8. Tom Forehand, Jr. said, on June 23, 2012 at 5:05 pm

    It is one thing to claim that Lee supervised a whipping. It is another thing to prove it! The author only referred to a book but did not supply nonbias evidence for such an event (nor do I believe that book proves this point). It is easily corroborated that Wesley Norris and two other runaway slaves were captured, were returned to Arlington, and were sent away to work elsewhere. And even though Wesley Norris claimed that Lee supervised their whipping at Arlington, this does not make it true. The publishing of this story by abolitionist friends did not make it true either.
    For this reason, “credible” evidence to one person is not credible testimony for another. If the author will supply credible corroboration that the Norris story is true, I’d like to evaluate it myself.
    Thanks,
    Tom Forehand, Jr.
    taftj@juno.com

    • Andy Hall said, on June 23, 2012 at 5:35 pm

      Pryor’s corroborative evidence is substantial, although no amount of documentation will be sufficient to “prove” the claim to someone who is unwilling to accept it. After all, Freeman dismissed this story as a “libel” based entirely on his assumption that Lee would not have done such a thing. (Note that our prisons are full of people who “would never have done” the things they’ve been convicted of, according to their friends and family.) Freeman was an admirable biographer in many ways, but his willful blindness to the Norris case really has no place in historiography.

      There are a great many events or incidents in history that are generally accepted as being true, based on less corroborative evidence than this. It’s the historian’s job to look at the evidence available, assess the sources carefully, and make interpretive decisions based on that analysis. That’s what historians do.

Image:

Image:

You’re welcome to evaluate Pryor’s sources, of course. That’s what the endnotes are there for. 😉

      • Tom Forehand, Jr. said, on July 4, 2012 at 5:38 pm

        Andy,

        I have explored the notes as far as possible for someone who cannot check out every single source.

        You have said: The “corroborative evidence” in that book “is substantial.”

        Well, what has been corrobrated is this:
        the slaves ran;
        they were captured;
        they were rerturned; and,
        Lee shipped them South.

        Yet, what substantiates any whipping?

        The only substantiation that I have read in that book seems to come directly or indirectly from the mouths of the slaves; surely you cannot say this is unbias testimony (whether or not you believe all the details of the slave version)?

        If saw nothing in the book which substantiated the whipping incident besides slave testimony of which I am skeptical.

        Although Lee paid more for this escape, than he did for the other escapes, does not necessarily mean that Lee paid anyone to whip anyone; in my opinion, there are other explanations for this higher price. If the higher fee is your substantiation, then I am afraid that you are basing this on pure conjecture — not on any adequate substantiation.

        So, what substantiates the Norris testimony about the whipping? No one doubts that he was present and should have been aware of all the other details.

        Apparently, you saw some other “substantiation” for the whipping that I missed among the massive notes; or, you were able to check another sources the author mentioned that I was unable to check; so, please share that specific substantiation for me and for the others who will read these words.